... Although not proved, the authors suggested that EGFR and CB 2 R may be forming complexes, and that CB 2 R activation might disrupt them (43). In addition, and similar to what we observed here, pharmacological activation of CB 1 R induced the death of prostate cancer cells in culture, an effect that was accompanied by a significant down-regulation of EGFR (44), and coexpression of EGFR with CB 1 R was associated with poor patient prognosis in this type of cancer (45). These observations demonstrate a functional interaction between another cannabinoid receptor (CB 1 R) and another member of the HER family (HER1) that could be due to a mere transactivation process or to a physical interaction similar to that described here between CB 2 R and HER2. ...
Article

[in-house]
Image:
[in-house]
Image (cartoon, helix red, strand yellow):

Although human epidermal growth factor receptor 2 (HER2)-targeted therapies have dramatically improved the clinical outcome of HER2-positive breast cancer patients, innate and acquired resistance remains an important clinical challenge. New therapeutic approaches and diagnostic tools for identification, stratification, and treatment of patients at higher risk of resistance and recurrence are therefore warranted. Here, we unveil a mechanism controlling the oncogenic activity of HER2: heteromerization with the cannabinoid receptor CB 2 R. We show that HER2 physically interacts with CB 2 R in breast cancer cells, and that the expression of these heteromers correlates with poor patient prognosis. The cannabinoid Δ ⁹ -tetrahydrocannabinol (THC) disrupts HER2–CB 2 R complexes by selectively binding to CB 2 R, which leads to ( i ) the inactivation of HER2 through disruption of HER2–HER2 homodimers, and ( ii ) the subsequent degradation of HER2 by the proteasome via the E3 ligase c-CBL. This in turn triggers antitumor responses in vitro and in vivo. Selective targeting of CB 2 R transmembrane region 5 mimicked THC effects. Together, these findings define HER2–CB 2 R heteromers as new potential targets for antitumor therapies and biomarkers with prognostic value in HER2-positive breast cancer.